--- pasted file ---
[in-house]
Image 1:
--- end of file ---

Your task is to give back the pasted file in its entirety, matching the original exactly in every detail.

[in-house]
Image 1: